Investigation of local entomopathogens is warranted through collection of potentially infected CRB because there may be opportunities to enhance the activity of local species against CRB. In an experiment conducted in a research laboratory in Hawaii, more than 60% CRB mortality was recorded from five Metarhizium isolates collected from O'ahu, Hawaii (KO-001, KO-002, LA-016, LA-025, and LA-026) (Russo 2019). Similarly, a few local Heterorhabditis spp. from O'ahu, Hawaii also caused first-instar larval mortality after 2–7 d of exposure (Manandhar et al. 2020). While B. thuringiensis and P. popilliae have demonstrated some potential to infect CRB (Babu et al. 1971, Kamarudin et al. 2007), there are no suitable products available commercially (Table 1). Therefore, identifying local entomopathogenic species may provide opportunities to develop local industries that produce biopesticides. Several biopesticide products based on entomopathogenic fungi and nematodes are produced commercially in South and Southeast Asian countries (e.g., India, Indonesia, and Thailand) for CRB control (Table 1). It is vital that robust formulations, produced under strict quality control, are used to maintain the activity of the agent for distribution in tropical conditions.

Fig. 3.

Metarhizium majus sporulated CRB (Oryctes rhinoceros) larvae in a fungus propagation chamber in Solomon Islands.


In summary, ongoing research efforts are needed to design an effective biological control program against the emerging threat of newly invading CRB populations, such as CRB-G. A crucial part of this effort is to enhance existing biological control and to identify and evaluate potential new BCAs for CRB. Investigation of the native range of the invasive species, including specific biotypes, is a high priority in the search for candidate entomopathogens, or other natural enemies. The impact of local natural enemies and past biological control introductions also needs re-evaluation to determine what contribution, if any, these make to CRB control. It is important that BCAs are incorporated into IPM programs for CRB that include other complementary strategies that enhance CRB control, such as sanitation. It is preferable if these complementary strategies are feasible and cost-effective for resource-poor smallholder farmers, as well as commercial plantation operations. Collaboration among government, non-governmental organizations, local industries and farmers through awareness campaigns, field sanitation and biosecurity measures will be extremely important to limit further spread by CRB to new regions. Despite the recent expansion of its range in the Pacific, biological control remains central to effective management of CRB.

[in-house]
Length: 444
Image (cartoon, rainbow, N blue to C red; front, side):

Supplementary Data

Supplementary data are available at Annals of the Entomological Society of America online.


This work was supported by funding from the New Zealand Ministry of Foreign Affairs and Trade (MFAT contract WPG-0101699). Thanks to Alice Baillie for her assistance with updating Fig. 1.

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© The Author(s) 2021. Published by Oxford University Press on behalf of Entomological Society of America. This is an Open Access article distributed under the terms of the Creative Commons Attribution-NonCommercial License (, which permits non-commercial re-use, distribution, and reproduction in any medium, provided the original work is properly cited. For commercial re-use, please contact
Sulav Paudel, Sarah Mansfield, Laura F. Villamizar, Trevor A. Jackson, and Sean D. G. Marshall "Can Biological Control Overcome the Threat From Newly Invasive Coconut Rhinoceros Beetle Populations (Coleoptera: Scarabaeidae)? A Review," Annals of the Entomological Society of America 114(2), 247-256, (3 February 2021).
Received: 30 September 2020; Accepted: 6 December 2020; Published: 3 February 2021
biological control
Coconut rhinoceros beetle
integrated pest management
Oryctes rhinoceros nudivirus